Why bike from Toronto to Niagara? You’d best ask yourself why not, because the path is wonderful and the reward is great. Ontario isn’t famous for its mountains or hills: in fact, it’s pretty flat around here. Though this may be a bummer for those seeking summits, it’s actually a wonderful thing for the cyclists of the city. Last summer, I cycled from my previous workplace in Mississauga to Niagara on the Lake via the Waterfront Trail to meet with friends for a wine tour by bike. It was a spectacular way to spend a weekend.
Bike from Toronto to Niagara Itinerary and Route
Day 1 – Mississauga to St. Catharines, 98km
I worked the night shift on Friday night. In my Summer madness, I had started work at 10pm on Friday and finished at 6am on Saturday – this was just the beginning of my journey! Taking my bike from the trunk of my car, I packed panniers full of a hammock and tarp, a few snacks, a sleeping bag, and I was off. Going at an incredibly leisurely pace, I made my way from Mississauga to Burlington through rural streets and parks.
I met a friend in Burlington for ice cream, where we enjoyed it in the sun by the surprisingly beautiful waterfront. Burlington never seemed more appealing than it was when I arrived for the first time by bike.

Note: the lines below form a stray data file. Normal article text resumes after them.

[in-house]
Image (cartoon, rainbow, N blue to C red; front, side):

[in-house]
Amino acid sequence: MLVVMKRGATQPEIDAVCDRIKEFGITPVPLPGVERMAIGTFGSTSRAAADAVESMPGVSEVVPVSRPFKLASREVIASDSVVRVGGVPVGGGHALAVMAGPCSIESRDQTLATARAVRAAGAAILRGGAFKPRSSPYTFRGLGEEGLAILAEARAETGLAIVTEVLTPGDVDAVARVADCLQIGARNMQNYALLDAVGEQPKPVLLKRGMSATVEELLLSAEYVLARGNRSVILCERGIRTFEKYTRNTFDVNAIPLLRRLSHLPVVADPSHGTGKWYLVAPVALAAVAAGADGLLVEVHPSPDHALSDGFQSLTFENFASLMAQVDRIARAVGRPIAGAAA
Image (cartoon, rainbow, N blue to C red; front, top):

It was a crisp sunny day with a light and cool breeze – perfect weather for biking. My favourite part of the journey was between Burlington and Grimsby. After crossing the Burlington Canal Lift Bridge, the trail continues right beside Lake Ontario through conservation areas and black sand beaches. The Waterfront Trail runs over 2100km along the Great Lakes, and is an incredible way to explore Ontario. About an hour outside of where I would be camping for the night, I passed through a town and picked up some pepperoni sticks and a beer or two for my enjoyment later on. I finally reached the camping ground, and I shared the entire space with just one other couple. The wonderful people at Big Valley Campground charged me just $15 to stay over, as I had no car and needed no power – they even gave me a freezie and water. Lovely!
I was completely exhausted. This was to be expected, having been awake for nearly 24h at this point. One beer would be enough to wipe me completely out, and after my picnic meal I would soon fall asleep before the sun left the sky.
Day 2 – St. Catherines to Niagara on the Lake, 28km
My sleep lasted almost 13 hours, but falling asleep by 6pm meant I was up and biking by 7am. I was meeting my friends in Niagara on the Lake at noon, so I had lots of time to kill. The morning was glorious, and the stretch to Niagara on the Lake passed by many of the wineries I would be visiting later that day.
I stopped at Tim’s on the way in and sat for a long while, thoroughly enjoying a breakfast and large steeped tea with milk. In town, I shopped around and discovered fun craft goods in the small stores. I bought a picnic lunch, then biked back to the waterfront. After dunking my head in the lake (very cold, very nice) I moved a little further up the shore and found two trees that overlooked the lake. Hanging my hammock, I lay back to enjoy the sun while I waited for my friends to arrive.